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The word on the street in recent days suggested Tim Murray was making his way to Buffalo to become general manager of the Sabres. It was certainly plausible with rumors flying, anticipation growing over a possible announcement and Pat LaFontaine holed up in meetings for two days.

LaFontaine has been looking for a GM for nearly two months since he arrived with Ted Nolan with the idea they could bring the organization back from the dead. They’re older and wiser men now than they were 16 years ago, but age and time has not changed the principles of either man.

Nolan, for example, still believes in instilling confidence and getting more from his players through a stronger work ethic over Xs and Os. For all the qualities people see from a mile away in LaFontaine – his infectious personality, selfless attitude and charm – he has an insatiable need to trust people around him.

LaFontaine has been that way for decades. He talked incessantly about the importance of trust during his Hall of Fame career. His trust in Alexander Mogilny was vital to their magical 1992-93 season. A lack of trust between him and the Sabres led to his departure four years later. He left the Islanders in 2006 as an adviser because trust broke down.

He used the word “trust” dozens of times in interviews after taking over as Sabres president of hockey operations. His first move was hiring Nolan because there was nobody he trusted more to coach young players. He talked about having the trust from ownership and how building organizational trust was a top priority.

With him in particular, it’s all about trust.

It’s precisely what the organization needed after suffering the damage inflicted from years of mistrust that trickled down from the top of the hockey hierarchy. And that’s why all the talk, or any talk, about Murray having the inside track is so troubling. It goes against what LaFontaine has been preaching for years.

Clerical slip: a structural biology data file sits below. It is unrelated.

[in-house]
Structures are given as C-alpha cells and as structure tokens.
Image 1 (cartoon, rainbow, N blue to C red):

The Sabres need a sound personnel evaluator with experience. Murray is among the best currently available. He has been around the NHL for two decades. He has worked for several organizations. He should have his brain around the salary cap. He should be fine when it comes to contracts and trade talks.

Murray’s resume is solid enough, but that’s not the issue. The issue is whether he can be trusted as the organization moves forward. That’s the question that LaFontaine needs to answer. For what it’s worth, I trust that he’ll make the right decision. The final call hadn’t been made as of Wednesday night.

LaFontaine had been quiet in recent days, an indication that he wasn’t ready to speak publicly about his GM search. Fair enough. If he wasn’t ready to discuss his biggest decision since his arrival, you can safely assume he didn’t want prospective candidates talking about the process, either.

The Murray-to-Buffalo reports originated in Ottawa and raced across Canada. You certainly can’t blame the media for doing their jobs and passing along information they heard. It may not have been Murray, who was scouting the World Junior Championships, but somebody other than LaFontaine who was leaking stories.

Who? Why? It doesn’t matter.

Somewhere between Ottawa and Buffalo, whether it was Murray speaking to his uncle, Sens GM Bryan Murray, or someone else in his inner circle, the chain of trust was compromised. If I were running the show, and any breach was linked to Tim Murray, talks with him would be suspended immediately.

If he or anyone else can’t be trusted to keep quiet about the biggest opportunity of his career, when can they be trusted? It’s a question LaFontaine will answer for himself at the appropriate time. It’s also something he will consider several times before making the final call.

Murray is known for having a good eye for talent. The Sens have done a very good job in the draft. It’s what the Sabres need, given their abundance of picks. But other candidates are equally equipped to evaluate players. Ultimately, decisions will be made in conjunction with LaFontaine, his GM, and other hockey minds.

According to reports, the Bruins want Jim Benning to stick around until the completion of the 2014 Winter Olympics in Sochi. It would give him about a week to get acquainted with the Sabres before the NHL trade deadline. That’s all true, but I’m not sure why it matters. If it matters at all, it’s minimal.

Any general manager worth hiring already knows the Sabres’ issues. Ryan Miller is scheduled to become an unrestricted free agent. If he’s not interested in signing an extension for reasonable money, the Sabres need to get whatever they can for him before he walks away for nothing. It’s hockey, not nuclear physics.

Anyway, the Sabres have so many other problems that the next GM, whether he’s hired today or after the season, couldn’t possibly fix them by the deadline. They’re loaded with third- and fourth-line players. You know what you get for bottom-six forwards? Other bottom-six forwards and low draft picks.

In NHL circles, the sterile term for such deals is “junk for junk,” and anybody can make them. LaFontaine doesn’t need a general manager now. He needs the right general manager later, whether it’s Murray or somebody else, who can turn around the organization in the next few years. He’s one piece among many.

LaFontaine will get it right. Trust me.

email: bgleason@buffnews.com